Hematopoietic development occurs in defined niches that ensure specific interactions and cross-talk with the surrounding stromal cells and different hematopoietic cells themselves. For instance, erythropoiesis occurs on the macrophage island within the bone marrow and the central macrophage is believed to regulate pro-erythroblast differentiation, the final stages of enucleation and reticulocyte maturation. We have observed that the expansion of erythroblasts from total peripheral blood mononuclear cells is increased compared to CD34+ Hematopoietic Stem/Progenitor Cells (HS(P)C) isolated from the same amount of blood [van den Akker, Haematologica, 2010]. This suggests i) the presence of CD34-cells that contribute to erythropoiesis and/or ii) that cell-cell contact or specific secreted growth factors by “helper” cells in these cultures can regulate hematopoiesis/erythropoiesis to increase erythroblast yield. Identifying the specific population(s) underlying the increased erythroid yield and understanding their way of action and regulatory mechanism during HSC differentiation and erythropoiesis is not only important to improve erythroblast culture conditions but may also provide clues to the function of hematopoietic effector cells in the various HS(P)C/erythroblast niches.
Using specific lineage depletion (among which CD3 and CD14) we have identified and quantified various human erythroid and non-erythroid CD34+ and CD34- populations on the basis of CD36 co-expression in peripheral blood mononuclear cells (PBMC). Erythroid outgrowth from these CD34- populations and CD34+ populations and their contribution to the total erythroid yield from PBMC was assessed. Interestingly, total erythroid yield from the individual sorted populations did not reach the erythroid yield obtained from total PBMC. We hypothesized that support/feeder cells present in total PBMC are positively influencing in vitro erythropoiesis. In agreement with this, PBMC immuno-depletion of specific hematopoietic cell types identified CD14 cells (monocyte/macrophages) and to a lesser extend CD3 cells (lymphocytes) to be also partly responsible for the increased erythroblast yield. Compared to HS(P)C alone, co-culture of CD14 cells and HS(P)C isolated from PBMC resulted in a 5-10 times increase in CD71high/CD235med erythroblasts. Conditioned medium of CD14 cells as well as transwell experiments reconstituted the effect of the HS(P)C-CD14 co-cultures to 70%-80%, indicating that cell-cell contact plays a minor role. CD14 cells could elicit their effect at different stages during HSPC/HSC differentiation to erythroblasts. Co-culture of CD14 cells with pro-erythroblasts did not increase the cellular yield or proliferation rate. In contrast, two days of CD14 co-culture with CD34+ cells results in a 5 fold increase of total colony forming units without altering the colony lineage dynamics. In agreement with this a 5 fold increase in CD34+ cells was observed. These results indicate that CD14 cells elicit their effect on early hematopoietic progenitors but not on the erythroblast population. The results predict that depletion of CD14+ cells from PBMC should result in a decrease in the total number of CD34+cells. Indeed, we observed a 2 fold decrease of specifically HS(P)Cs and MEPs after two days of culture in PBMCs depleted for CD14 cells.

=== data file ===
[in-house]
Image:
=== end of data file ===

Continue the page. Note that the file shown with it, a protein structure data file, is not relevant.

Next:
Taken together our data i) identify previously unrecognized erythroid and non erythroid CD34- and CD34+ populations in peripheral blood that contribute to erythroid yield from total PBMC and ii) indicate modulation of HS(P)C outgrowth by specific hematopioietic effector cells present in peripheral blood that can also be found near specific hematopoietic niches in the bone marrow. The involvement of CD3 and CD14 immune cells suggests that HS(P)C and erythropoiesis may be modulated by immune-responses.
No relevant conflicts of interest to declare.
Asterisk with author names denotes non-ASH members.